Technology and Civic Engagement: The Way Forward – Guest Columnist
Technology today is at the core of modern-day activism, with civil society organizations like Connected Development (CODE), BudgIT, Enough Is Enough, TransparencIT, FollowTaxes and others utilizing social media, data analysis tools, and infographics tools available to simplify the message, increase reach and also make advocacy data driven.
Their efforts exemplify the importance of technology and data to active citizenry. Many civil society organizations are learning to build up their skills to ensure advocacy on issues are backed by facts and are data-driven.
Nigeria is active in technology space with almost 93 million internet users, Facebook alone has almost 15 million users in Nigeria and over 250 million tweets came from Nigerians as of 2015, this coupled with the work Andela, Ventures Park, Google, Colab, and Facebook are all doing tirelessly to build capacity of youths on programming, digital skills and also to create a self-sustaining technology ecosystem in Nigeria.
This has started yielding results as many technological innovations designed in an attempt to improve transparency and accountability, renewable energy, housing, financial and transportation issues have surfaced. Hotels.ng, BudgIT, Payant, Taxify, Flutterwave are noteworthy examples.
Governance should be every citizen’s business whether you are in government or not. Active citizenry is not limited to constant criticism of the government but taking part in decision making at local level. It is important citizens are in the know as to the plans of the government to enable them demand accountability in service delivery.
Technology provides arrays of platforms especially for social media that citizens can leverage to perform their civic duties effectively, noteworthy examples of this are the #OPenNass, #BBOG, #JudiciaryactonJibrinKiruBebeji and also the recent #ReformSARS twitter campaign. which all aided in activating citizens and pressured government into taking positive action.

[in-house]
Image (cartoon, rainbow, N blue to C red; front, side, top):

The government, as we have come to know, is reluctant in performing its duties. Most times they have to be pressured by citizens and civil society groups to deliver on their promises. To sustain that pressure, citizens/civil society groups rely on technology to do so. But more importantly, there is a need for collaboration between citizen groups and civil society to come up with ideas, strategies, and roadmaps to better engage the governance structure effectively.
Recently, I came across a mapping of innovation hubs in Nigeria (turns out we have one in all geopolitical zone with some zones having more than one) and I am of the view that citizen groups and civil society organizations can tap into this resources to their benefit.
It is of immense importance for citizens groups and civil society organizations to develop a better partnership for the sake of activating citizens, amplifying the impact of their work and better hold the government accountable.
Correspondingly, a proper synergy between media, civil society, and innovation hubs will go a long way in making sure both civil society and media are equipped with necessary technological tools to ensure sustainability in their engagement.
Just like, BudgIT one of the biggest civic tech platforms in Africa started from an innovation hub (CcHub) in Lagos, perhaps the next big 30 civic tech platforms that will help improve transparency, accountability and communication between government and citizens are only a few partnerships away.
This piece was sent in by Ahmed Inuwa